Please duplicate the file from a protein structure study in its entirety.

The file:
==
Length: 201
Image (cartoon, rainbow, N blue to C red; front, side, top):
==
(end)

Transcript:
Length: 201
Image (cartoon, rainbow, N blue to C red; front, side, top):